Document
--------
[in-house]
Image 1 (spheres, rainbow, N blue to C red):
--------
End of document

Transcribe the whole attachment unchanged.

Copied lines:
[in-house]
Image 1 (spheres, rainbow, N blue to C red):